New Canadian regulations would put warning on each cigarette, not just packaging 

By Nicole Thompson

THE CANADIAN PRESS

Canada is poised to become the first country in the world to require that a warning be printed on every cigarette.

The move builds on Canada’s mandate to include graphic photo warnings on tobacco products’ packaging, a groundbreaking policy that started an international trend when it was introduced two decades ago.

“We need to address the concern that these messages may have lost their novelty, and to an extent we worry that they may have lost their impact as well,” Addictions Minister Carolyn Bennett said at a news conference Friday.

“Adding health warnings on individual tobacco products will help ensure that these essential messages reach people, including the youth who often access cigarettes one at a time in social situations, sidestepping the information printed on a package.”

A consultation period for the proposed change is set to begin Saturday, and the government anticipates the changes coming into force in the latter half of 2023.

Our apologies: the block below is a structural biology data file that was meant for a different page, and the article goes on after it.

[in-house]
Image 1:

While the exact messaging printed on cigarettes could change, Bennett said the current proposal is: “A poison in every puff.”

Bennett also revealed expanded warnings for cigarette packages that include a longer list of smoking’s health effects.

Canada has required the photo warnings since the turn of the millennium, but the images haven’t been updated in a decade.

Rob Cunningham, senior policy analyst with the Canadian Cancer Society, said he hopes the warnings printed directly on cigarettes become popular internationally, just like the packaging warnings did.

“This is going to set a world precedent,” Cunningham said, adding no other country has implemented such regulations. He’s hopeful that the warning will make a real difference.

“It’s a warning that you simply cannot ignore,” Cunningham said. “It’s going to reach every smoker, with every puff.”

This report by The Canadian Press was first published June 10, 2022.

 

Add Your Voice

Is there more to this story? We'd like to hear from you about this or any other stories you think we should know about. Contribute your voice on our contribute page.